WASHINGTON, Feb 13 (Reuters) - Banks and retail groups announced on Thursday they are joining together to work on cybersecurity issues, a sign the groups may be moving past recent squabbles over who deserves the blame for data breaches.
The Financial Services Roundtable, Retail Industry Leaders Association and several other trade associations said the new partnership would focus on sharing more information about cyber threats, developing technology to protect consumers and discussing areas of disagreement between banks and merchants.
“Exploring avenues for increased information sharing and collaborating on innovative technologies and safeguarding data will be critical in defending against common enemies,” Tim Pawlenty, chief executive of the Financial Services Roundtable, said in a statement.
Bank and retail industry groups have been at odds for years over cyber issues, but the recent data breaches at Target and Neiman Marcus made the dispute more prominent.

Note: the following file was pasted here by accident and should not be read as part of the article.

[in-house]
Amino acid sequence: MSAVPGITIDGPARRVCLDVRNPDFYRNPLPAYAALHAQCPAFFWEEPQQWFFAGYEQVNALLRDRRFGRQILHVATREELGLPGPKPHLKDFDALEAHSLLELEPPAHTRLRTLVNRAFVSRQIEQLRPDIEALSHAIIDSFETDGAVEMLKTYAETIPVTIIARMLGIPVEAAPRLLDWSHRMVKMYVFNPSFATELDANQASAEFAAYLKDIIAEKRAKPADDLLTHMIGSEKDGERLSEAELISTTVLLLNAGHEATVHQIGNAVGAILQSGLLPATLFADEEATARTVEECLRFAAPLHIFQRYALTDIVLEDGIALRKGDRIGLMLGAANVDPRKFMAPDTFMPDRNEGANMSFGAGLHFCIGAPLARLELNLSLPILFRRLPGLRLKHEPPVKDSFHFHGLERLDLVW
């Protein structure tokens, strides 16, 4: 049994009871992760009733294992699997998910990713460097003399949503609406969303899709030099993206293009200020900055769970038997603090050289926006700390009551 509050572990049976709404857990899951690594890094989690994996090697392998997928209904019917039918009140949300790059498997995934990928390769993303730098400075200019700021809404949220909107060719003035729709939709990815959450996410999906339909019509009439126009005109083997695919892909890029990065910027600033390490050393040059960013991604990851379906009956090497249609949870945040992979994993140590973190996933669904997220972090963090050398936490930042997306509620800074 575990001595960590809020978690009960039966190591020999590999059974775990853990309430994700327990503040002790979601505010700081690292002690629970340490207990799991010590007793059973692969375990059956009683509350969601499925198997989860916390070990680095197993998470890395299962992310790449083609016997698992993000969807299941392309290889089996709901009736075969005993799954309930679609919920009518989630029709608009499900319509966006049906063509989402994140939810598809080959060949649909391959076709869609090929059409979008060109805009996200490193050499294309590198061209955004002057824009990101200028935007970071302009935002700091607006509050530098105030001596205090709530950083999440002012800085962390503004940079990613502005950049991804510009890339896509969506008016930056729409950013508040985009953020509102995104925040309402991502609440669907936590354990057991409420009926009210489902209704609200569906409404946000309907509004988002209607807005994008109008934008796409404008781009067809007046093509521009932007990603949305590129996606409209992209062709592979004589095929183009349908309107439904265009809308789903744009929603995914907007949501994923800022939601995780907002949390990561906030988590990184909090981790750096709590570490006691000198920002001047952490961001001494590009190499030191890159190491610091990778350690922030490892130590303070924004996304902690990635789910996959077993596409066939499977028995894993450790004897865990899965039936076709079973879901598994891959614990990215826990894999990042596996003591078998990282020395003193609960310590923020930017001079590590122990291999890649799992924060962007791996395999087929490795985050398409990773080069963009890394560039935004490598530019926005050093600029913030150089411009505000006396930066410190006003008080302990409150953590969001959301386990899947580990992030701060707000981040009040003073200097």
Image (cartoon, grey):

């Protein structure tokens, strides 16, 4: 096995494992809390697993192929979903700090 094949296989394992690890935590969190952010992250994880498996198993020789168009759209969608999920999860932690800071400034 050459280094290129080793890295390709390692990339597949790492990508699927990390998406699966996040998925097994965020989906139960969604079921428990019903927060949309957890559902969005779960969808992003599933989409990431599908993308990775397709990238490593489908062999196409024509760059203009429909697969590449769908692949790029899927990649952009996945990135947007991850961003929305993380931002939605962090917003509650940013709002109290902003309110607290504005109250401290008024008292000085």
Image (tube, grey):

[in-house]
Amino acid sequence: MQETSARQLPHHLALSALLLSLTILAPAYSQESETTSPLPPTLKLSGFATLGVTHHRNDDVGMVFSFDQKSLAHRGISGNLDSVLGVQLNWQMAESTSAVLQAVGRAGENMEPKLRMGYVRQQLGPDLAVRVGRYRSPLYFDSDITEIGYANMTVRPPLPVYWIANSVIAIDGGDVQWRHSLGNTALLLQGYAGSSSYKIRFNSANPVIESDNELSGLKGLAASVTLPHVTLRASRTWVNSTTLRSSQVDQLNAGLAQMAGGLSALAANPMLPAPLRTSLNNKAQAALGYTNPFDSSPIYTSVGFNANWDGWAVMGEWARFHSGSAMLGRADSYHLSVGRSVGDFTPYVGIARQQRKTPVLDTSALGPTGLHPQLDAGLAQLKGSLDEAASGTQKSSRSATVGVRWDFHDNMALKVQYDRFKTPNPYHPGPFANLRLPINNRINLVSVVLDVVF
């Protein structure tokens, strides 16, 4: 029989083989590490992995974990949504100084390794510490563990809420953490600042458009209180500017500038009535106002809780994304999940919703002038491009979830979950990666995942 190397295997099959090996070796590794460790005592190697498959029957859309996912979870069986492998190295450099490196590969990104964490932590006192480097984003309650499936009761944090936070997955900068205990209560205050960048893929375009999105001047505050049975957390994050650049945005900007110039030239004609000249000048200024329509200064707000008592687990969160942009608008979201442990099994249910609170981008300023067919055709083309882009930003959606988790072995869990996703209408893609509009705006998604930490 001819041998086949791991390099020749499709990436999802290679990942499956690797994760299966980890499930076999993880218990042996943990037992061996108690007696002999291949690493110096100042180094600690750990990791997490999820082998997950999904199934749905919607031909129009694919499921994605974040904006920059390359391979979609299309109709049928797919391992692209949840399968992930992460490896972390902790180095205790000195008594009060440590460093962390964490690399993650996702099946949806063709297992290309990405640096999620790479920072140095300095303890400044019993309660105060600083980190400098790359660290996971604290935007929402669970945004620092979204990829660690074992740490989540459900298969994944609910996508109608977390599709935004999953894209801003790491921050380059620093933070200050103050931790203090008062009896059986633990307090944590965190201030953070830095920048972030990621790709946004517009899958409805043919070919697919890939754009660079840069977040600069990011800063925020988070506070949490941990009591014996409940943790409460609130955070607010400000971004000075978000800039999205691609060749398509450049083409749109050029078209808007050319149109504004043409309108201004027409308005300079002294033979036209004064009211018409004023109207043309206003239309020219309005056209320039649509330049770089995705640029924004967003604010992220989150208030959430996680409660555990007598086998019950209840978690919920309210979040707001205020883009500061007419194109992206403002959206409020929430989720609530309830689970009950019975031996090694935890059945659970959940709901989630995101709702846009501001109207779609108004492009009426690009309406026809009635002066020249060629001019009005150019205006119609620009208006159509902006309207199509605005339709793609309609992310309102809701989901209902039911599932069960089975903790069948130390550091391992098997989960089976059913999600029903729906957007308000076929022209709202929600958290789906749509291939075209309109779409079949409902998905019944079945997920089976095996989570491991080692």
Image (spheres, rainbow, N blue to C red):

Financial services groups want retailers to bear more of the costs of replacing cards after breaches occur. Retailers say banks have been slow to adopt new, more secure debit card technology.
U.S. lawmakers have considered weighing in on a dispute over how consumers are notified of data theft. But issues of how to communicate across industries and settle who pays when a breach happens are likely up to the firms to sort out.
“The solution needs to be through cooperation,” Jennifer Platt, vice president of federal operations at the International Council of Shopping Centers, said in a statement.
“We hope that this partnership will be a constructive step in helping to create a pathway to improved consumer confidence,” she said.
The trade associations said they would form working groups made of their experts, representatives from member companies and others. They will also focus on thefts that do not involve debit or credit cards and on how to protect the growing area of mobile payments.